New York

Frank Gillette

In his early work, Frank Gillette set out pyramidal banks of monitors playing didactic videotapes that were intended to bespeak natural orders and systems. Since I’ve always suspected that massed monitors reiterate the hierarchies of Minimal sculpture at the expense of the images presented, I could see Gillette’s early work only as pseudoscientific bombast that wished it was sculpture.

Gillette hasn’t junked the sculptural format in his new installation, but he no longer insists on it. He has set out four front-facing monitors, three lined up in front and one some ten feet behind. Although the monitors are still on pedestals, the primary purpose of the installation is to show black-and-white videotapes at different distances, and not to emulate steel and glass sculpture.

The three monitors in front show Real Time/Raw Tape, rough unedited footage changed at various times throughout the run of the show. The imagery indeed implies real time in the sense of surveillance; it is as if the images were being transmitted direct from a remote camera outside the gallery. The left and right monitors show closeups of corners in the city, small grimy nooks formed by two buildings and the street. Gillette cuts rapidly from one corner to another, and occasionally zooms out to establish the urban context. The central monitor shows static closeups of what looks like garbage rotting in vacant lots.

The rough footage on all three monitors is in marked contrast to the basically filmlike imagery on the fourth. It is graphic—crisp and harsh in comparison to the atmospheric and fully produced tapes shown on the fourth monitor in back: Sunflowers and the Birds of Southern Madagascar, Vineyard and the Birds of Western Madagascar, and Olive Grove and the Birds of Eastern Madagascar. These three tapes of varying lengths begin with a graded test patch, then typed titles in the style of academic treatises. They don’t have to do specifically with either harvestable fields, which happen to be in Tuscany, or with Madagascarian birdsong, but rather with the disjunction between sound and scene in the tapes themselves. Gillette tapes the tender petals of sunflowers nodding in the fields, the ripening grapes, the gnarled trunks of olive trees. He reveals the beauty of the Tuscan landscape that captivated the expatriate American painters of Henry James’s generation. But Gillette does not aim for travelogue; he skirts the temptation of mood-making in the olive groves by taping them at several different times of the day in one short tape.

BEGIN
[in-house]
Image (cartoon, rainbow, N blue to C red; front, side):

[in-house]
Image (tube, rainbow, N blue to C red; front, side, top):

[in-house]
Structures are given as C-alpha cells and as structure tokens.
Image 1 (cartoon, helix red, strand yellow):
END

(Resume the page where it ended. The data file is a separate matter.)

Quick cuts, blurry pans, abrupt zooms out from a closeup so that one can see the whole field—what is the order, I mean, what determines this camera movement? It would seem to be bird-watching, a kind of animal scanning. Each tape starts silently, and the bird song sound track comes up after a few moments. Then looking at the tapes becomes like a koala-in-the-tree problem: koalas are shy bears who die in captivity unless they are kept in eucalyptus groves, and then zoo-goers can’t see them through the foliage. I looked for birds in Gillette’s tapes but couldn’t find them, not because, like koalas in eucalyptus trees, they were invisible to the questing camera, but because they were not there. The absurdity of looking at sparse Tuscan fields and listening to a dense junglelike mat of Madagascarian birdsong undercuts Gillette’s filmic style. It cannot be scanning for birds, yet it looks like nothing else.

The disjunction of audio ’and visual, I would guess, derives from Jean-Luc Godard’s Brechtian non-coincidence of action and mood music in films like Weekend (1967). It has been continued in the work of many filmmakers as just such an indication of the act of artifice, or, as in Hollis Frampton’s Nostalgia (1971), to discourse on the nature of memory in time. Gillette uses the disjunction between bird sounds and field scenes in his tapes to undercut a sense of place, to gainsay locale. Do two locales, one denoted by sound and the other by scene, when combined connote a third place?

Still and all the fourth monitor playing tapes of far-off places is but a detail in the whole of Gillette’s installation. There is a larger disjunction between that monitor and the three in front that gives the piece a poignant cast. My eyes are in the city, and Gillette’s urban images are sharp, harsh and static. The tape of country sights and sounds, where I am not, is farther away from me than the other three, and the images are softer and more vibrant.

Alan Moore